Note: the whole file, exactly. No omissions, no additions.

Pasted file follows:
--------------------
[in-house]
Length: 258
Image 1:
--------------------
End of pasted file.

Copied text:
[in-house]
Length: 258
Image 1: